“I’m just tired of all the arguing that people are doing,” she said. “I wish sometimes Trump would just say — he doesn’t even have to mean it — that he would be the president for everybody. Just say those words.”
Monday, Nov. 2
In the last hours of the campaign, Ms. Rocco’s confidence in Mr. Trump’s victory had begun to buckle. Late into the night, when he gave his final speech at a rally in Grand Rapids, Mich., she was surprised to find herself weeping. “It was sad that it could be his last rally,” she said. “It could be that he could not be president anymore.”
Tuesday, Nov. 3
At 7 on election night, the Roccos settled themselves on the sofa to watch the returns. Ms. Rocco was stress-eating Halloween candy, Kit Kats and Smarties.
They had passed the last hours of the campaign on a dark roadside outside a polling station, fingers frozen, waving Trump flags at passing vehicles. Mr. Rocco muttered to himself, “Me standing out here is kind of pointless.”
But then he reminded himself what kept him out there all these months: People had disrespected him. The Facebook group manager who had kicked him off. The neighbor who took his yard sign. Teachers who responded to his daughter’s enthusiasm about Mr. Trump with awkward silence.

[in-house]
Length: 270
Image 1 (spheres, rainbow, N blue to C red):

“People who don’t like Trump, I honestly think they are very soft people,” he said. “That is why the world is becoming so sensitive today. Back in the day, you could throw a snowball at someone at school and everything was fine. Nowadays, a letter gets sent home: Your child is being mean.”
Mr. Trump, by contrast, “lives the way people used to live.”
Mr. Rocco has tried to do the same. His older brother, who he describes as the brainy one, took the other path, winning a scholarship to college. (He is the Biden voter.) But Mr. Rocco’s aspirations were staunchly blue-collar; he chose trade school and went to work at 17.